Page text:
The Vermont Youth Orchestra Association has been cultivating a love and appreciation of classical music in young people since 1964. Many of their alumni go on to become performing musicians, conductors, and teachers. Youth music programs like the VYOA ensure that there is a strong base of classical music patrons and supporters in Vermont from generation to generation!
They may not be on the level of the groups mentioned above, but there are SEVERAL excellent Vermont Community Choirs that perform a large amount of classical material as part of their concerts!
This is a very interesting article that confirms what I was suspecting since I moved to Vermont. As an artistic director of another professional orchestra in Vermont, the Burlington Chamber Orchestra, and conductor of the University of Vermont Symphony, and VYP, I have noticed that the audience here have very deep appreciation for classical music! I have had numerous involved conversations with concert-goers about interpretations to historical background to even architecture of concert halls. There are around 9 amateur orchestras within an easy driving distance from Burlington, plus several concert bands, two very successful chamber music festivals (Lake Champlain Chamber Music Festival and Green Mountain Chamber Music Festival) in Burlington and several more in the state, and numerous community choirs. My another suspicion is that there are more professional conductors in Chittenden County (population around 160,000) than McDonalds…
There is an active, high-quality chamber music scene partly populated by people (like me) who have left full-time performing careers to enjoy Vermont’s culture, beauty, people, weather. Two examples:
Heliand Consort http://heliandconsort.org/index.html
Just to reiterate, Vermont does have the Opera Company of Middlebury, which has been offering fantastic shows to Vermonters since 2004. Also, Heliand Consort will be celebrating it’s 10th season of bringing wind and piano chamber music to audiences around Vermont in 2016-2017!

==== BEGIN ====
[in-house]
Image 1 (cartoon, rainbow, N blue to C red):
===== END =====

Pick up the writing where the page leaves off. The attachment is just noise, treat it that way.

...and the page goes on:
Thank you again to everyone for the great feedback. There’s certainly a lot here for people to explore – whether they’re local residents or visitors looking to sample the state’s cultural offerings. I know I’ll be keeping this list on hand for my next visit.
Clearly not a scientific method 🙂 I’ve never googled the term, but classical music is a huge part of my life as a participant and audience member. I’ve lived in a bunch of states (and had great music education in public schools of NJ) and have never been aware of so many opportunities to participate on so many levels as in Vt. In December, groups are tripping over each other for concert dates.
I do regret the loss of our second (commercial) classical music station a few years ago. What a luxury it was to have a choice as to which classical music to listen to at any moment.
PS. I wonder if the same would be true of a google search for “traditional” (folk) music. That scene in Vermont is utterly amazing–and also nurtures young musicians. When I arrived as pastor to a small parish and met my new bishop, one of the first things she said was that she hoped I’d get the parish to move beyond it’s home grown folk service. I didn’t have anything to say to that at the moment, but now I’d reply, “You don’t know Vermont, do you?”
AND there is http://www.sonatina.com – an internationally known piano-immersion camp for youth and adults. It’s tops, believe me, I’m an addict.
As the music director of orchestras in Massachusetts (Pioneer Valley Symphony) and Rhode Island (Brown University Orchestra), I’m delighted to see Vermont, New Mexico, Massachusetts, New Hampshire, and Rhode Island heading this list! There are numerous musicians from Vermont in the Pioneer Valley Symphony Orchestra and Chorus, based in Greenfield, Massachusetts, about 12 miles south of the Vermont border, and many audience members, too.